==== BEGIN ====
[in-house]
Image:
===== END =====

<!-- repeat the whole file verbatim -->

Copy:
[in-house]
Image: